On a rainy, traffic-snarled afternoon during a Giants home game, Nicholas Yeager rode his motorcycle to San Francisco from Penngrove, near Petaluma, to talk about his passion. In a backpack he carried examples of his art, from a black leather book of his alphabet watercolors to his "butt pilot" -- a tiny, well-worn, handwritten calendar bound in fish skin over oak that he keeps in his back pocket (ostensibly to balance out the wallet in his other pocket when he rides). Yeager makes a slim living creating and repairing books (and teaching others to do so). On the side, he edits Ampersand, the quarterly journal of the Pacific Center for the Book Arts.
In mid-April, when the rain was coming down in sheets and the lightning flashed even in the morning, Coriander Reisbord joined about 50 other book artists to haul her fragile work to Fort Mason for the PCBA's annual Book Arts and Printers' Fair. Like nearly everyone else's in the overheated, crowded conference room, Reisbord's materials were mostly paper-based, making the transfer (involving a lot of plastic sheeting) a bit hectic. But Reisbord was in good spirits at the event, sitting at a table surrounded by information on her own business (called Skeptical Press) and talking excitedly and devotedly about the PCBA, of which she'd been president for two years before passing the baton last September. Like Yeager, she supports herself exclusively through book-related jobs, mostly in conservation but also by selling her work.
Anthony Swanner took up Reisbord's PCBA baton. Between business trips he spoke to me reverently about his fairly recent discovery of such book arts as letterpress printing, box-making, and binding -- and about the thrill he felt the first time someone called him "artist." He doesn't make any money from his own pieces, but he doesn't really intend to (nor does he need to).
These three people come from different parts of the artistic spectrum: Yeager's been tooling leather ("the usual hippie shit") since he was a teenager; Reisbord made her first book after college, in the late '80s; and Swanner, a computer professional for 22 years, fell into the form only four or five years ago. They connect through the PCBA, a nonprofit organization that helps its 400 members move their passion from a casual hobby to a life's work as book artists.
Founded in 1979, the PCBA has been struggling over the last year or so to define itself, especially in relation to the San Francisco Center for the Book, which opened in 1996 and offers classes in all forms of book arts, from calligraphy to papermaking to pulling prints. At one time the PCBA was an "organizational member" of the center -- in fact, the center's Web site, www.sfcb.org, still lists it as such -- but as of last year it's pretty much on its own, and that seems to be working out. After all, the center exists for the public, while the PCBA exists for its members. Once someone has decided to go pro, he turns to the PCBA.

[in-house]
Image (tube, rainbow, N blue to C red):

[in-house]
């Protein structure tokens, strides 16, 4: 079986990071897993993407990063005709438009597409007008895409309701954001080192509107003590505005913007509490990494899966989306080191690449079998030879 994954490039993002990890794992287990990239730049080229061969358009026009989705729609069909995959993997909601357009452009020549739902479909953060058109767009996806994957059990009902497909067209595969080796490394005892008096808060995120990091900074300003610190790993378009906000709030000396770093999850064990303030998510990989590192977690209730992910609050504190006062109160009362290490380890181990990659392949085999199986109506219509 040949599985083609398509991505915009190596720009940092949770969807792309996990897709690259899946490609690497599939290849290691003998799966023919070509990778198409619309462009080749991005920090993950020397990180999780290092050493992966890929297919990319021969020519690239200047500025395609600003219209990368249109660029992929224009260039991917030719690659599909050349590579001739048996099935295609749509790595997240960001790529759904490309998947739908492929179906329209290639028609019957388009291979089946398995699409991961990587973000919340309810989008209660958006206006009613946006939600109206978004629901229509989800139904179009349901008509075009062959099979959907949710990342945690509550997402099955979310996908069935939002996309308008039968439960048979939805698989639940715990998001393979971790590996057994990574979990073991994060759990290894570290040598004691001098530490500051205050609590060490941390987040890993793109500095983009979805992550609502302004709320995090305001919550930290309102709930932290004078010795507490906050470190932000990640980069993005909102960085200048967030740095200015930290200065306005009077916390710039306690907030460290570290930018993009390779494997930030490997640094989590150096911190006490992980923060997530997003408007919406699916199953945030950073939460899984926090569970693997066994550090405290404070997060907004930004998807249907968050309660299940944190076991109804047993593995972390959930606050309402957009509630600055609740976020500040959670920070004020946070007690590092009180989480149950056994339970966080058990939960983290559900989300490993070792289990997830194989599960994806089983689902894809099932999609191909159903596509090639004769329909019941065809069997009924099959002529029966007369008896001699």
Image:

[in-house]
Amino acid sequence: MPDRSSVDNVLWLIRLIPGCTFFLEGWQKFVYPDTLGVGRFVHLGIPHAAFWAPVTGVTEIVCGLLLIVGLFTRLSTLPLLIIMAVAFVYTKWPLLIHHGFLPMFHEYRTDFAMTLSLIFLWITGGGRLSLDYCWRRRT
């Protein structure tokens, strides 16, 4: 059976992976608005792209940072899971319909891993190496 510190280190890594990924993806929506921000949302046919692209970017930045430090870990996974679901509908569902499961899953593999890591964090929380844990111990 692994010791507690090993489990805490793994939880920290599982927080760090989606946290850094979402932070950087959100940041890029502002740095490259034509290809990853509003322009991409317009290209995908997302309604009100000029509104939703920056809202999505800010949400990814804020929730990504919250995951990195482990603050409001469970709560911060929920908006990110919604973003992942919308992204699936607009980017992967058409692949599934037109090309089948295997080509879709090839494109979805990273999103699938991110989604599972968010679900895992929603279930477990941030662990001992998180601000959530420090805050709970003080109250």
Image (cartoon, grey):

One theme that keeps coming up in conversations with book artists is the idea of finding one's place in the world. Yeager, for example, had had more than 30 jobs by the time he was 21 -- everything from a paper route to dishwashing to stocking a bookstore -- but once he discovered the book arts, he was hooked: He told the teachers of a bookbinding class, "I'll do anything to be around you guys." Similarly, Reisbord was relieved when she found the form, after studying painting: "I felt like this is my home territory. This is my domain. This is where I know what I'm doing better than anyone else knows what I'm doing." Swanner says, "I discovered a way to be myself in the world and to find my place. It's more than just a hobby, more of a calling than a job."
For those who've heard the calling, the PCBA is a sort of church -- a nondenominational church, to be exact. It's all-inclusive, not only for printers or bookbinders, but also for calligraphers and illustrators and people who create funky little letterpress zines and the guy who made the miniature book about ukuleles that I bought for my dad at the Printers' Fair. It's also immensely social: In fact, on the group's Web site (www.pcbaonline.net), the "mission statement" includes a bit about "provid[ing] social activities for the member community." Swanner insists, "I've never found a more open community. Everyone's inspiring, not competitive like in the business world."
That analysis may be a bit optimistic. In every city with a book arts population, there's something of a split between the traditionalists (the folks who think books are made using certain craft techniques) and the modernists (those who think anything can be a book as long as the artist intends it as such). Yeager, who has lived in Austin, New York, and Chicago, among other places, says, "That fight happens everywhere." Even so, there's a lot of overlap between the camps, and as Yeager insists in a follow-up e-mail, "This vital mix allows for some open-ended interchanges that I haven't seen elsewhere."
In a sense, having to redefine itself was good for the PCBA. Reisbord says, "We'd gotten lazy." The organization has been attracting younger participants, planning exhibitions in new spaces (like one in July at the Mechanics' Institute), and designing "nuts and bolts" classes for pros (such as how to pack materials for a show), and it has finally launched a Web site -- after much discussion about whom it was for, the members or the public. Yeager writes, "I think that the Center for the Book was instrumental in this change as it started at a time when there was new interest in the book arts. By taking over classes, having a physical address and creating an infrastructure [the center] allowed the PCBA to step back and reconsider what its mission was going to be." As Reisbord explains that mission, "We're where you go next -- when you've taken all the classes, and now you need to find the people who are doin' it."